A Question and Survey About Dyslexia
Do “dyslexic” children who leave conventional schooling learn to read? How?
Posted March 12, 2020 | Reviewed by Hara Estroff Marano
In previous posts on this blog (here and here), I’ve written about how children in unschooling families or attending schools for self-directed education learn to read on their own, when they are not pressured and are growing up in a literary environment. Likewise, and with more data, Harriet Pattison, in the U.K., has written a great book on how homeschoolers learn to read with little or no teaching, with conclusions very similar to mine. But now I have a question.
Frequently when I speak about children’s self-initiated, self-directed learning to read, I’m asked, “What about children diagnosed with dyslexia?” That question has also been asked by a number of people on a forum offered by the Alliance for Self-Directed Education. I haven’t been able to answer that question to my own satisfaction, and so I’m curious.
That’s why I’m conducting here a little informal, preliminary survey. In previous research I’ve found two people who were diagnosed with dyslexia who learned to read quite quickly when they were removed from school as teenagers and the pressure was taken off. But that’s just an N of two. So I’m conducting this little survey with the hope of learning more.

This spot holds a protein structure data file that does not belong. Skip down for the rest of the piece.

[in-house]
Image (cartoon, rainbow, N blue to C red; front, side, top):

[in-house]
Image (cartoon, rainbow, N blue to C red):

Do you have a child or know a child who was failing to read in a conventional school, was given a diagnosis of dyslexia, and who was subsequently removed from the conventional school for homeschooling or unschooling, or for enrollment in a school designed for self-directed education, such as a Sudbury model school or an Agile Learning Center? If you do, please tell me the story of what happened. Did the child eventually learn to read? If so, how did that learning occur to the best of your (or the child’s) ability to explain it? Or did that person grow up never learning to read?
The story you share may be very helpful to others who are struggling with the question of what to do about a child with this diagnosis. As far as I can tell, there has been no formal research at all, to date, on this question. A common assumption, in the dyslexia research literature, is that people with this diagnosis will learn to read only if given special training by experts, but this assumption has apparently never been tested by seeing what would happen if we just took the pressure off and allowed the young person to learn to read in their own way, on their own time course. Does that work, or not?
Please tell the story, as fully as you would like, in the comments section below, which you can reach by clicking on the little comments balloon to the right of the other icons at the top or bottom of this page. Unless you have permission from the young person whose story you are telling, please present the story without any personally identifying information. If you know someone else who might have such a story to tell, please pass this post on to them.
If enough stories come in, I will follow this post with a new one including some sort of analysis of the stories and with ideas about possible future, more formal research on this question. I would really appreciate any help you can give in addressing this question that is on the minds of many parents who have been told that their child can't read because of some presumed neurological condition called dyslexia.